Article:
Pottebaum, Tait Sherman (2003) The relationship between near-wake structure and heat transfer for an oscillating circular cylinder in cross-flow. Dissertation (Ph.D.), California Institute of Technology. http://resolver.caltech.edu/CaltechETD:etd-05202003-145011
A series of experiments were carried out in order to understand the relationship between wake structure and heat transfer for a transversely oscillating circular cylinder in cross-flow and to explore the dynamics of the vortex formation process in the wake. The cylinder's heat transfer coefficient was determined over a range of oscillation amplitudes up to 1.5 cylinder diameters and oscillation frequencies up to 5 times the stationary cylinder natural shedding frequency. The results were compared to established relationships between oscillation conditions and wake structure. Digital particle image thermometry/velocimetry (DPIT/V) was used to measure the temperature and velocity fields in the near-wake for a set of cases chosen to be representative of the variety of wake structures that exist for this type of flow. The experiments were carried out in a water tunnel at a Reynolds number of 690.
It was found that wake structure and heat transfer both significantly affect one another. The wake mode, a label indicating the number and type of vortices shed in each oscillation period, is directly related to the observed heat transfer enhancement. The dynamics of the vortex formation process, including the trajectories of the vortices during roll-up, explain this relationship. The streamwise spacing between shed vortices was also shown to affect heat transfer coefficient for the 2S mode, which consists of two single vortices shed per cycle. The streamwise spacing is believed to influence entrainment of freestream temperature fluid by the forming vortices, thereby affecting the temperature gradient at the cylinder base. This effect may exist for other wake modes, as well.
The cylinder's transverse velocity was shown to influence the heat transfer by affecting the circulation of the wake vortices. For a fixed wake structure, the effectiveness of the wake vortices at enhancing heat transfer depends on their circulation. Also, the cylinder's transverse velocity continually changes the orientation of the wake with respect to the freestream flow, thereby spreading the main source of heat transfer enhancement--the vortices near the cylinder base--over a larger portion of the cylinder surface.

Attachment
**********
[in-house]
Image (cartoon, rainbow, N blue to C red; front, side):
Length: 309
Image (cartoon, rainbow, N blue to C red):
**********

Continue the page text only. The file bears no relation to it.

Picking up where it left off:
Previously observed heat transfer enhancement associated with oscillations at frequencies near the natural shedding frequency and its harmonics were shown to be limited to amplitudes of less than about 0.5 cylinder diameters.
A new phenomenon was discovered in which the wake structure switches back and forth between distinct wake modes. Temperature induced variations in the fluid viscosity are believed to be the cause of this mode-switching. It is hypothesized that the viscosity variations change the vorticity and kinetic energy fluxes into the wake, thereby changing the wake mode and the heat transfer coefficient. This discovery underscores the role of viscosity and shear layer fluxes in determining wake mode, potentially leading to improved understanding of wake vortex formation and pinch-off processes in general.
Aspect ratio appears to play a role in determining the heat transfer coefficient mainly for non-oscillating cylinders. The heat transfer is also affected by aspect ratio for oscillation conditions characterized by weak synchronization of the wake to the oscillation frequency.
|Item Type:||Thesis (Dissertation (Ph.D.))|
|Subject Keywords:||DPIT; DPIV; thermochromic liquid crystal; TLC|
|Degree Grantor:||California Institute of Technology|
|Division:||Engineering and Applied Science|
|Thesis Availability:||Public (worldwide access)|
|Defense Date:||11 April 2003|
|Author Email:||tpotteba (AT) caltech.edu|
|Default Usage Policy:||No commercial reproduction, distribution, display or performance rights in this work are provided.|
|Deposited By:||Imported from ETD-db|
|Deposited On:||21 May 2003|
|Last Modified:||26 Dec 2012 02:43|
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